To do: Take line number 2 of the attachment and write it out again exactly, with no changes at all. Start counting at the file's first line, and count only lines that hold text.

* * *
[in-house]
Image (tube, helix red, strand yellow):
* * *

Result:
Image (tube, helix red, strand yellow):